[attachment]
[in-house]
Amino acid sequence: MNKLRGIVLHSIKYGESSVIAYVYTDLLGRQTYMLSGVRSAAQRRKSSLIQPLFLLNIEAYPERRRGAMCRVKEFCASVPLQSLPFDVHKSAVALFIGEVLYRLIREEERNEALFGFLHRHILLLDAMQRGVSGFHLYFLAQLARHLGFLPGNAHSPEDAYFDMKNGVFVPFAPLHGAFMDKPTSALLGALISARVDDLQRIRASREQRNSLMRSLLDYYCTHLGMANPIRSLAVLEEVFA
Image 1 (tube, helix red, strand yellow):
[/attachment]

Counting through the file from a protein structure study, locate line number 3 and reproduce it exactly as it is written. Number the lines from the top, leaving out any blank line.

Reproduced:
Image 1 (tube, helix red, strand yellow):